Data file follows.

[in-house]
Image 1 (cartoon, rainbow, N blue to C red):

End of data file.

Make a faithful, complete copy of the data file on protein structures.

[in-house]
Image 1 (cartoon, rainbow, N blue to C red):